April 21, 2013 3:14 pm

Coal no longer king but still important

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UK Coal Kellingley Colliery

Nearly two decades after he was made redundant on his 30th birthday, John Hays still carries around the metal discs that he, his father and grandfather used to clock on and off from shifts in South Yorkshire collieries.

Now 49, the former miner was among the organisers of a mock funeral for Lady Thatcher in Goldthorpe, near Barnsley, last week, giving locals a final chance to protest about the near-destruction of the UK coal industry in the 1980s.

While much of the discussion since Thatcher’s death has focused on the political legacy of her showdown with the miners and its impact on northern economies, less attention has been paid to the implications for energy policy.

“There’s still coal down there but we bring it in from abroad,” says Mr Hays. “What’s the sense in that?”

Britain still has 2.3bn tonnes of underground coal reserves, and 852m tonnes on the surface – equivalent to 60 years’ supply. But much of this has been sealed off as the number of deep-pit mines has fallen from 170 at the start of the 1980s to just four. This will soon become three after the formal closure of Daw Mill colliery in Warwickshire, which was hit by a big fire earlier this year.

Critics point to the survival of large-scale coal mining in the US – sometimes called the Saudi Arabia of coal – as evidence that Britain shut down its industry prematurely.

Despite efforts to reduce dependence on fossil fuels because of their role in global warming, latest government figures show that coal still accounts for about 40 per cent of electricity generation.

This was up 10 percentage points from a year earlier, reflecting the competitiveness of enduring of coal-fired power compared with natural gas despite the rising cost of environmental regulation.

Nearly 17m tonnes of coal was produced in the UK last year, the bulk from opencast mines. But this was dwarfed by imports of 44.8m tonnes, an increase of more than a third from 2011. Most of this comes from Russia, the US and Colombia.

Despite big productivity gains in surviving UK mines over the past 20 years, imported coal remains cheaper.

Tim Yeo, chairman of the energy and climate change parliamentary committee and former Conservative minister, says the industry has probably been in irreversible decline since the 1970s. Thatcher “may have accelerated the process with her tough line but it did not alter the direction of travel”.

Some pits closed that could have survived for a time – Tower Colliery in south Wales produced successfully for 15 years after a workers’ co-operative bought it.

But Gordon Banham, chief executive of Hargreaves, which closed its Maltby mine this month after geological problems, said: “Unfortunately I don’t see there’s a future for deep mining in the UK long term.”

“When these mines close, they close for ever,” he added. Sinking a new shaft could cost £500m.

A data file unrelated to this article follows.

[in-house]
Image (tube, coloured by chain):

However, Hargreaves, a big coal importer, is more optimistic about the outlook for surface mining. The Aim-listed company last week announced a £42m share issue to acquire more UK open cast mining assets. “There’s still a lot close to the surface,” said Mr Banham.

Some power generating companies believe domestic coal production should be encouraged for energy security reasons as North Sea oil and gas output declines. Energy imports exceeded UK production in 2011 for the first time since 1974.

Four power generators agreed last year to write off parts of loans in a restructuring of UK Coal, which supplies 17 per cent of coal-fired electricity needs, to avoid its collapse.

Calvin Jones, of Cardiff University, said policy makers had been short-sighted in writing-off domestic coal. “Industrial policy should try to be more forward-looking instead of based on historic competitiveness.”

Additional reporting by John Murray Brown, Sylvia Pfeifer and Chris Tighe

 

RENAISSANCE EXPECTED TO BE SHORTLIVED

 

Coal has enjoyed a resurgence in Britain despite regulation to curb greenhouse gas emissions, writes Sylvia Pfeifer.

The cost of gas in Europe is still linked to oil prices, which have remained high. Shale gas discoveries in the US have driven domestic natural gas prices there to a 10-year low, sending cheap US coal to Europe.

Coal usage has been encouraged by the EU’s carbon trading scheme which has kept prices for emissions low as the eurozone crisis has cut demand. Britain has enough coal and gas-fired generation to switch between the fuels as prices fluctuate.

Andrew Horstead, analyst at Utilyx, a consultancy, said coal generators were earning more than £25/MWh to generate power compared with £5/MWh for gas.

Energy experts doubt that this signals a long-term trend. The introduction of the carbon price floor, which forces industry to pay a set amount for carbon pollution, will start to bite. Many coal-fired plants are reaching the end of their life and new ones require use of commercially unproven carbon capture and storage technology.

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